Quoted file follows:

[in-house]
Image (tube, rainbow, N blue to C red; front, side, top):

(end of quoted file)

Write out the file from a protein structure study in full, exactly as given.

[in-house]
Image (tube, rainbow, N blue to C red; front, side, top):